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Studio portrait of Nechama Beruh in Vienna, Austria.

Photograph | Digitized | Photograph Number: 98047

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    Studio portrait of Nechama Beruh in Vienna, Austria.
    Studio portrait of Nechama Beruh in Vienna, Austria.


    Studio portrait of Nechama Beruh in Vienna, Austria.
    Circa 1920 - 1929
    Vienna, Austria
    Variant Locale
    Photo Credit
    United States Holocaust Memorial Museum, courtesy of Gerda Ilan

    Rights & Restrictions

    Photo Source
    United States Holocaust Memorial Museum
    Copyright: United States Holocaust Memorial Museum
    Provenance: Gerda Ilan

    Keywords & Subjects

    Administrative Notes

    Gerda Beruh is the daughter of Yaakov Marcus Beruh (b. Skilinow, Poland, Dec. 1, 1887) and Nechama (b. May 8, 1928 Jarychow, Poland). Gerda was born on January 19, 1927 in Vienna and her sister Sonja was born on May 8, 1928. Gerda's father was an accountant and her mother a skilled seamstress. Due to her mother's business acumen Yaakov was able to open his own business in Vienna making threads. Yaakov's younger brother had previously moved to the United States and sent them an immigration affidavit. However, by the time Yaakov received the document and went to register with the American consulate, the quote for those originally from Poland was very high and their number would only be called a year later. The family tried to reach Italy as well but needed $900 for an entry visa which they did not have. Hence, Gerda and her sister were sent on the Kindertransport to England in January 1939. Their father had been deported to Buchenwald and was killed in November 1939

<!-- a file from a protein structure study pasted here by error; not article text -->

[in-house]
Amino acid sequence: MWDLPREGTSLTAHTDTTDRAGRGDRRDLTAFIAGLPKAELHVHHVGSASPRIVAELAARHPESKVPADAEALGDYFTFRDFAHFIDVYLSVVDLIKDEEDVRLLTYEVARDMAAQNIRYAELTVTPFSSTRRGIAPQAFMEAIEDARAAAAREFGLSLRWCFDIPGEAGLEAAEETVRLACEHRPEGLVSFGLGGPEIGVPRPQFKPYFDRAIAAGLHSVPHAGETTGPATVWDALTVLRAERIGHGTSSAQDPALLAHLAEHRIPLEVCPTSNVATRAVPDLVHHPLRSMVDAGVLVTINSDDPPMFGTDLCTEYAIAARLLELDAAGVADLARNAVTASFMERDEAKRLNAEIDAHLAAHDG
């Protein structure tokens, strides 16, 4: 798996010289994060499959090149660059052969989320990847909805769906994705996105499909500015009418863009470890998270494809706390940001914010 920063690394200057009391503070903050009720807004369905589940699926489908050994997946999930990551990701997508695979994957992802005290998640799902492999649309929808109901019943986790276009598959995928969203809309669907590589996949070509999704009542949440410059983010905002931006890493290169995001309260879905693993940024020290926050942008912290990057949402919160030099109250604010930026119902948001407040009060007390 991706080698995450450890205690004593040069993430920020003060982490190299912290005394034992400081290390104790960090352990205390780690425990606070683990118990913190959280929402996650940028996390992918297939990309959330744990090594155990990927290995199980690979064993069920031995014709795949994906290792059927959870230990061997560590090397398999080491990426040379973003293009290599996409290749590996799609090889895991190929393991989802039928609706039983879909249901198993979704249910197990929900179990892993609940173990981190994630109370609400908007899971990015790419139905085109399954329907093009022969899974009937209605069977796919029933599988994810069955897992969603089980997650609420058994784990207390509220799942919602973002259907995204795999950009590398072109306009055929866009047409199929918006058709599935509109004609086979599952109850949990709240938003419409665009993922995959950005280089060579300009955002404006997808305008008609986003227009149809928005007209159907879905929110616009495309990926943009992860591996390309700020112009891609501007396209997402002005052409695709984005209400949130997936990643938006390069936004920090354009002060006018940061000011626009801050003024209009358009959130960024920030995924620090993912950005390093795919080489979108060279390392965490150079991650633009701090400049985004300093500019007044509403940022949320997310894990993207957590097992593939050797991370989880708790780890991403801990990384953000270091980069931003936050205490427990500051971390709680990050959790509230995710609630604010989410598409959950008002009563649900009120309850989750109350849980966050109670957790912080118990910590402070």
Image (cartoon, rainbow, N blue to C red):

The girls first stayed with a family which was arranged thru a former au pair in Vienna who went to work in England a domestic for a wealthy family, and the girls stayed with this family for a short period of time. They moved to hostels in Newport and in London. Gerda studied at the Technical College in Newport graduating in November 1944 when she began to work in an office. Her sister was able to study and matriculate high school. Once she was working she contributed her salary to the hostel.

    Their mother, Nechama attempted to immigrate illegally to Palestine in 1940. She boarded one of three small boats that sailed from Romania. When they arrived in Haifa, the British wanted to deport the passengers to Mauritius aboard the Patria. The Hagannah tried to avert this by disabling the Patria. They overestimated the amount of dynamite required and as result blew up the ship killing some 200 passengers. Nechama was on the top deck and managed to break a port hole and escape with the help of another passenger. She settled in Haifa and worked as a seamstress. In 1945, after the war, Gerda joined her mother in Haifa. Sonja remained in London and in 1995also immigrated to Israel. Gerda married Michael Ilan in 1952 and has two sons and 12 grandchildren. She completed her studies at the Hebrew University in sociology and paints in her spare time.
    Record last modified:
    2012-12-12 00:00:00
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